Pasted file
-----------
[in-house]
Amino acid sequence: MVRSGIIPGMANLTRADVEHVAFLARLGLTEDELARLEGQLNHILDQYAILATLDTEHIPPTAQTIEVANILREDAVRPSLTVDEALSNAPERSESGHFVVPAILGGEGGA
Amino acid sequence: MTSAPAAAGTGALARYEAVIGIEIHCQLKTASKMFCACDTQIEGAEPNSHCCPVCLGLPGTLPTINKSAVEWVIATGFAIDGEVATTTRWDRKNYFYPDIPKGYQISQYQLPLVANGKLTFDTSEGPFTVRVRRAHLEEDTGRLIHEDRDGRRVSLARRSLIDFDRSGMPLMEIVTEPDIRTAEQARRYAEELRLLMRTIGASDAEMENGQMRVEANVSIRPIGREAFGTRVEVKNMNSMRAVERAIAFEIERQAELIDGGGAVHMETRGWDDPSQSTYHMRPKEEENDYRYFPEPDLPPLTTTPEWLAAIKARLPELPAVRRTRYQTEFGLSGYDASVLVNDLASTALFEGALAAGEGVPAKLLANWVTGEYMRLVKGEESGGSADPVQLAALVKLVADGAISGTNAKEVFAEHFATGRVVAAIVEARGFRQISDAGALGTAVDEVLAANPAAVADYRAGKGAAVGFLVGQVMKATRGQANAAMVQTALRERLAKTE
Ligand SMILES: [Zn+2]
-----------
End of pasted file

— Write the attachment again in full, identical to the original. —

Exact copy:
[in-house]
Amino acid sequence: MVRSGIIPGMANLTRADVEHVAFLARLGLTEDELARLEGQLNHILDQYAILATLDTEHIPPTAQTIEVANILREDAVRPSLTVDEALSNAPERSESGHFVVPAILGGEGGA
Amino acid sequence: MTSAPAAAGTGALARYEAVIGIEIHCQLKTASKMFCACDTQIEGAEPNSHCCPVCLGLPGTLPTINKSAVEWVIATGFAIDGEVATTTRWDRKNYFYPDIPKGYQISQYQLPLVANGKLTFDTSEGPFTVRVRRAHLEEDTGRLIHEDRDGRRVSLARRSLIDFDRSGMPLMEIVTEPDIRTAEQARRYAEELRLLMRTIGASDAEMENGQMRVEANVSIRPIGREAFGTRVEVKNMNSMRAVERAIAFEIERQAELIDGGGAVHMETRGWDDPSQSTYHMRPKEEENDYRYFPEPDLPPLTTTPEWLAAIKARLPELPAVRRTRYQTEFGLSGYDASVLVNDLASTALFEGALAAGEGVPAKLLANWVTGEYMRLVKGEESGGSADPVQLAALVKLVADGAISGTNAKEVFAEHFATGRVVAAIVEARGFRQISDAGALGTAVDEVLAANPAAVADYRAGKGAAVGFLVGQVMKATRGQANAAMVQTALRERLAKTE
Ligand SMILES: [Zn+2]